Quote Originally Posted by GiGaBiTe View Post
    What's awkward about it? Amazon is a completely unregulated marketplace. Counterfeit and bait & switch items are rampant, as well as dangerous products that have no business in the consumer space. Amazon doesn't care at all as long as they get their cut of the profits. Ebay and Aliexpress is largely the same, here be dragons.
    I completely agree, and there is plenty of research to prove all of these situations.

    Quote Originally Posted by GiGaBiTe View Post
    Unlike brick and mortar stores which are required by consumer protection laws to certify products as safe for consumer use, a large portion of Amazon is stuff shipped directly from China to your door. None of it is tested, which is why we have people with exploding laptop batteries, battery powered skateboards, scooters and bikes that catch on fire and burn houses down, as well as hazardous UV "disinfecting" devices that cause people to go blind from leaving them plugged in.
    The only bit I disagree about is the "brick and mortar stores" bit. If it's a dollar store, buyer still beware, they are well known for being places where counterfeit items are common, which can be extremely dangerous. Any sizable B&M store chain, even Walmart, etc... I would have faith in the integrity of their supply chains, for the most part. Any store/chain can be hit by e.coli, salmonella, etc... and it has nothing to do with that store/chain.

    If one is going to buy something from a dollar store, especially anything you are going to put in or on your person, ensure that the item in question is a size, quantity, etc... that is actually made by that company. Also check the small print on the product for anything that looks off, such as a misspelling or a reference to a company or division in a company that doesn't exist. I suggest using a phone app that can scan the UPC. Typically, the UPC codes, when referenced against a national database, if they are counterfeit, will either show up as a different product, or as completely invalid.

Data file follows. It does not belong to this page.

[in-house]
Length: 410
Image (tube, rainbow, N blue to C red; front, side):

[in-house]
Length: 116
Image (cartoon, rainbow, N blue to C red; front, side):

Last edited by Paralel; September 22nd, 2020 at 10:00 PM.

  8. #28
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    Bottom line: almost all consumer electronics/electrics are made in the Far East; with perhaps the exception of Japan and Korea, it's all very inconsistent in quality and almost always involves parts made from PVC or ABS.

    The consumer market is brutal--a few cents cheaper in production is a significant advantage when spread over millions of units. Product design appears to be under- or just-barely-adquate engineering. The market is divided between the inferior or barely-adequate product and the boutique (e.g. is a plastic Dyson vacuum really worth the whopping cost?)

  9. #29
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    Quote Originally Posted by Chuck(G) View Post
    Bottom line: almost all consumer electronics/electrics are made in the Far East; with perhaps the exception of Japan and Korea, it's all very inconsistent in quality and almost always involves parts made from PVC or ABS.

    The consumer market is brutal--a few cents cheaper in production is a significant advantage when spread over millions of units. Product design appears to be under- or just-barely-adquate engineering. The market is divided between the inferior or barely-adequate product and the boutique (e.g. is a plastic Dyson vacuum really worth the whopping cost?)
    Sounds about right to me.

  10. #30

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    ABS breaks down over time in normal Ohio weather.
    And I fear that if you heat ABS even to much lower temperatures, it will start to produce carcinogenic gasses.
    But please don't make yourself sick trying to prove me wrong.